Monday 28 September 2009

Making Cambridgeshire Count

I spent the day today at the launch seminar for Making Cambridgeshire Count.

The idea of this initiative is to make sure that we are fully aware of how all the taxpayers money that is spent in Cambridgeshire and to provide focus so that we can make sure that we eliminate waste and duplication and make sure we are as streamlined and efficient as we can be.  there was a great deal of high level representation there, oincluding from all of the Councils across the County, the police, the Fire Service and the NHS.

One of the things I like about MCC is that it is totally driven from within the County.  So, although we have got external funding to run the programme, we are helping to work towards our own destiny.

As we move towards an agenda where we are facing cuts which are estimated between 20% and 35% - this sort of initiative is going to be essential if we are to improve the services we offer.

Thursday 24 September 2009


We had a petition presented at Full Council today by a Fenland Lib Dem activist. Basically, it was in support of a supermarket in Chatteris, and he used the fact that the planning committee had turned down such an application in Chatteris as part of his case.

The truth is that, whilst the planning committee did indeed turned down applications for supermarkets in both Whittlesey and Chatteris, there was a very clear message sent at the same time that supermarkets were needed, but that the detail of the applications were not acceptable.

In the case of the Chatteris situation. I suspect that a petition suggesting that a supermarket with pedestrian access over the A141was needed would not have got anywhere near as many signatures!! That was the application that was in front of the planning committee.

A new application has come forward for Whittlesey recently, and I am fairly sure that one will come forward for Chatteris too. But, a yes decision should not be made simply because it is a supermarket, we should be looking at whatever comes forward and only saying yes if the planning issues are acceptable.

Wednesday 23 September 2009

Tough Planning Decisions

It was my casting vote today that was responsible for the application for a homeless Hostel in Wisbech (on the site of the Queens Hotel) being approved. I suspect my name is mud amongst some, so I thought I would write an unusually long blog post to explain my motives.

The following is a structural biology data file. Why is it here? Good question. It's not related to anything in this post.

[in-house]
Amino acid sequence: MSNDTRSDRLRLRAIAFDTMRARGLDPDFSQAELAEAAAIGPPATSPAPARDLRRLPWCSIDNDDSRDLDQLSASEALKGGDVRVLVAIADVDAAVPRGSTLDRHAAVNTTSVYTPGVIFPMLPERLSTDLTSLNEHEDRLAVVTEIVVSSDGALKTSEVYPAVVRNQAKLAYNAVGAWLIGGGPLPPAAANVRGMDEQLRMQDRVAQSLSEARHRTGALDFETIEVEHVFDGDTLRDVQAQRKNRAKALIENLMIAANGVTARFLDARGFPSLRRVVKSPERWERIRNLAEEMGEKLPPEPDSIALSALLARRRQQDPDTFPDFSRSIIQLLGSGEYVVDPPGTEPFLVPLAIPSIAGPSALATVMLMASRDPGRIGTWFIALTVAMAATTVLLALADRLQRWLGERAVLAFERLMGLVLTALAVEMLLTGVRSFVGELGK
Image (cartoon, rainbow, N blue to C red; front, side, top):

Prior to committee I had decided that I would vote with the main committee rather than abstain and reserve my vote simply for a Chairman’s casting vote (which is what I normally do). I have said before that I would do this where I felt strongly about an application; it is something that, on occasion, I have done in the past. The nature of the previous debate and the huge press furore was what made up my mind to do this yesterday. I felt that, for such a sensitive, controversial and important application, the Chairman of the committee should stand up and be counted, in whatever direction - I cannot recall a decision of such controversy over recent years. That was my decision and one that I did not discuss with anyone prior to the committee meeting. As it happens I ended up voting in favour and then making a casting vote to support.

Whilst I understand some of the concerns that were expressed on the day, the debate today was not about revisiting a Cabinet policy decision to support the Ferry Project (who will run the hostel), it was about deciding whether this particular scheme was acceptable in planning terms. Part of my role as Chairman is to ensure that crucial aspects of that debate are brought out.

The first issue is conservation. The most important aspect of the building is the frontage and the interior. The major change was a conservatory/function room at the rear. I raised this issue about the important Conservation issues as part of the debate to allow challenge. But English Heritage had supported the application in writing and the Wisbech Society were broadly supportive when they spoke. In my view there was not sufficient argument to challenge the comment that the conservatory was not in a vital area in Conservation terms. There was some concern expressed by one speaker about the need for a lift in the interior but, to be fair, there are very few uses to which this building could be put that would not require a lift.